What does a judge do when he’s presiding over the highest profile case at Guantanamo’s military commissions; the charges against all five defendants are based substantially on the same facts; the case has been dogged by delays, many of which relate to a single defendant; and he’s acutely aware that the survivors of the horrific attacks, and the blood relations of the many who died, feel painfully frustrated that no verdict has been rendered even though 13 years have dragged by since the crimes?
I am referring to the 9/11 case and Judge James Pohl, and he just dealt with that dilemma. He severed the charges against one of the defendants, Ramzi Binalshibh, charged with being a liaison between the aircraft hijackers and Al Qaeda’s leaders, according to a July 24, 2014 Washington Post piece.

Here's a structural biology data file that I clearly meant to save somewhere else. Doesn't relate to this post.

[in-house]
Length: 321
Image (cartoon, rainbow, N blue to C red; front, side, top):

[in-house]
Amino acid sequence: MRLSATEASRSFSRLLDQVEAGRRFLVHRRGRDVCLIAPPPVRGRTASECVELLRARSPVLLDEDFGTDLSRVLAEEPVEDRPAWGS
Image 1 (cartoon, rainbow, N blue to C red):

Questions about Binalshibh’s mental competence had been raised years ago. But earlier this year, prosecutors asked to have him evaluated, after he repeatedly disrupted commission proceedings and had to be removed from the courtroom. Further, the FBI had interfered with his case by secretly interrogating two non-lawyer members of his defense team, triggering a potential conflict of interest between the accused and his lawyers. (See the prior Post on this page, “From Tragedy to Farce”).
Pohl’s order cited the need to find out whether Binalshibh has the mental competence to participate in a trial and to resolve whether he requires new counsel, on account of the FBI’s actions. And these matters are, in his view, “not expected to be completed in the near term.”
No doubt Pohl realized how heavy a price would be paid for his unusual decision. Now, in effect, he will have to try the same case twice, and Binalshibh’s trial will be delayed until, his lead counsel asserted, “a long time in the future.” Clearly, Pohl believes that accelerating the 9/11 trial is worth that price. Indeed, in an earlier action that also will expedite the 9/11 case, Pohl in his role as chief judge of the commissions recently replaced himself as presiding judge over the high profile al Nashiri prosecution, to avoid scheduling conflicts with the 9/11 matter.